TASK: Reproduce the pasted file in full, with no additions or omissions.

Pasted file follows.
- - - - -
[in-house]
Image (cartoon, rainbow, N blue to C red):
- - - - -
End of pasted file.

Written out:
[in-house]
Image (cartoon, rainbow, N blue to C red):